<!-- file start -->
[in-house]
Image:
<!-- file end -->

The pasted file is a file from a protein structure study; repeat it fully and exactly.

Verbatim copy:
[in-house]
Image: